On June the 30th, I organized a Connected Event in partnership with EPFL, Foundation Campus Biotech and the Economic Promotion of Geneva on the topic of Connected Health. The objectives were firstly to share knowledge amongst the rich ecosystem and secondly to stimulate new projects in our Romandie “Health Valley”.
In today’s article, I want to share some of my learnings in the following three areas:
- Wearables, the rise of bio-sensing technology
- Patient 2.0, informed and demanding patients
- Smart data, health data is pervasive
Wearables: focusing on solving big issues
We are moving from “fitness wearables” to “medical wearables”. Two challenges appear by moving into that area:
- So far, medical devices have been made for use by doctors. Therefore, to succeed as a consumer medical device, the product must be easy to use without the need of reading a full user manual
- Reliable data needs standards and regulations in order to bring confidence to consumers and doctors
A very promising startup in that field is Leman Micro Devices (LMD) based at the Innovation Park of EPFL: LMD is developing a sensor integrated into a smartphone that measures blood pressure. They already have a working prototype and target mass production in 2017.
Why to start with blood pressure ?
Even though the lack of any physical activity is causing 5.4% of all deaths, hyper tension is equal to even 16.2% of all deaths according to UK’s National Health Service. Therefore, the ability to monitor your blood pressure on regular basis using your mobile phone will enable to reduce that risk by taking preventive action on time.
Nowadays, medical doctors cannot anymore disregard the fact that patients are using digital technology to look after their health. This change is driven by:
- Internet: 80% of patients are nowadays looking for medical advice on the internet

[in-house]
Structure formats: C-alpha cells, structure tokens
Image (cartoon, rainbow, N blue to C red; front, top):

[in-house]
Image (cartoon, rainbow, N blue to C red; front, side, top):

- Telemedicine: A company like Medgate in Switzerland has more than 1 million video and phone teleconsultations per year
- New affordable diagnostic tools: Many tools which were only available in clinic are now moving to the hand of the patient directly. For example, you can get a dermatoscope for couple of hundred Euro online and perform your own melanoma detection
The appearance of this new generation of wearable devices is also an opportunity for hospitals to reduce the level of rehospitalization by monitoring the patient recovery phase at home. Patients might also be able to return home quicker. A company like Domosafety initially developed solutions to enable elderly people to stay longer at home. They are now working closely with hospitals to apply their solution for patients returning home after a surgery.
Smart Data: for a predictive or even preventive medicine
Advances of DNA sequencing technology is making data driven medicine a reality, however, in order to get the full potential:
- Value is created if all the information is being shared in a secured and privacy controlled way: Predictive and preventive medicine can only be achieved, if we can run an analysis on a large set of data
- A very promising field is oncology, but since we need the collection of a lot of data, who is going to finance the sequencing of the DNA?
Furthermore, working with the human genome leads to a lot of ethical questions, impacting also the patient-doctor relationship: Doctors might have to handle the fact that they can predict a disease, but not necessarily yet propose a prevention therapy.
I also want to mention the great potential of digital epidemiology: Digital traces created by individuals on internet includes a lot of epidemiologically relevant behaviors such as reporting disease symptoms. This new approach will support health organization to monitor how infections are spreading.
Finally, to make all the above happening and hopefully leading to an improved quality of life as well as higher efficiency in our health system, interdisciplinary teams should be created, which is one of the goal of the health 2030 initiative. Moving forward, as being involved in Smart Data innovation, I am going to look particularly at how fast we can take advantage of all these pervasive health data, who is going to master it, if traditional players can transform themselves successfully and what will the role of the internet/mobile companies will be.
Link: Presentation of the Connected event, 30th of June, Campus Biotech Geneva.